TABLE 3 ______________________________________ TOTAL DIETARY FIBRE AND RESISTANT STARCH LEVELS IN HIGH AMYLOSE MAIZE STARCH AMYLOLYSIS PRODUCTS Total Dietary Resistant Starch Fibre McCleary et al (%) dsb (%) dsb ______________________________________ High Amylose Maize Starch 33.4 18.1 High Amylose Maize Starch Residues After Amylolysis Experiment 2 37.0 36.0 .+-. 2.9 Experiment 3 31.4 30.1 .+-. 2.0 Experiment 4 34.4 29.3 Experiment 5 35.8 34.7 Experiment 6 39.3 42.0 .+-. 0.9 ______________________________________ * dsb = dry solids basis
In each case, it is evident that the enzyme treatment has resulted in a substantial enhancement of the resistant starch content while dietary fibre levels have been essentially maintained.
The results of such enzyme treatments are clearly shown in the accompanying FIGS. 5, 6 and 7, particularly when compared with the untreated starch granules of FIG. 4.
Modified starches prepared in this way may be readily combined with probiotic microorganisms to form compositions of the invention.
An example of the preparation of an extruded form of the compositions of the invention will now be described.
Extruder screw profile of 5FS, 3FP (30.degree.), 2RP (30.degree.), 2FS, 5FP (60.degree.), 3RP (60.degree.), 3FS, 3FP (30.degree.), 2RP (30.degree.), 2FS, 3FP (30.degree.), 2RP (30.degree.), 3SLS
______________________________________ Temperature Profile ______________________________________ Zone 1 (70.degree.), Zone 2 (70.degree.), Zone 3 (70.degree.), Zone 4 (50.degree.), Zone 5 (50.degree.), Zone 6 (35.degree.), Zone 7 (35.degree.), Zone 8 (35.degree.), Die 20 ______________________________________
Resistant starch is fed into an APV MPF 50.20 extruder at a feed rate of say, 20 kg/hr in conjunction with a molten fat, melting point of >50.degree. C. The fat is kept liquid by recirculated hot water and delivered into the extruder in the second injection port at a rate of 2 kg/hr. A suspension of lyophilized bacteria, especially Bifidobacterium bifidum or Bif.Longum is prepared using a low melting point fat, eg, hydrogenated maize oil with a M.P. of 35-37.degree. C., such that the fat is heated just above its melting point but not in excess and the lyophilized bacteria added and mixed thoroughly. This suspension is then fed into zone 7 of the extruder where it is mixed with the fat/starch blend, and then forced through a chilled die fitted with 2 mm diameter orifices. The material is granulated and further chilled to maintain its shape until used.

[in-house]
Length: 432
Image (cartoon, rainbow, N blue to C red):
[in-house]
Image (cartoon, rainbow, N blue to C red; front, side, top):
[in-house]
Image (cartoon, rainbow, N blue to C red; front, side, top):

An example of a freeze dried form of the compositions of the invention will now be described.
Cell cultures, especially those of Bifidobacterium longum, Bifidobacterium bifidum or Cl.butyricum are produced by conventional means and a concentrated cell suspension prepared by membrane filtrating, preferably ultrafiltration and/or centrifugation. Resistant starch is gently stirred into the cell suspension (0.10-0.50 gm/ml) along with another cryoprotectant, sucrose (0.07 gm/ml). The product is then quickly frozen to -40.degree. C. and freeze dried to a water activity of a.sub.w 0.01 or less to obtain optimum stability. The culture is then removed from the dryer, gently pulverised and packed into airtight containers and stored at 4.degree. C. until use. Some examples of food products incorporating compositions of the invention are as follows: